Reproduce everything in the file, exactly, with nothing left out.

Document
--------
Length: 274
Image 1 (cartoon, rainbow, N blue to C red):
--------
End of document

Length: 274
Image 1 (cartoon, rainbow, N blue to C red):